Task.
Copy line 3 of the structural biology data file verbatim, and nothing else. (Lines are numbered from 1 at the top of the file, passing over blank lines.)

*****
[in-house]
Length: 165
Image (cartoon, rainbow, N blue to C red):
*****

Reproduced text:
Image (cartoon, rainbow, N blue to C red):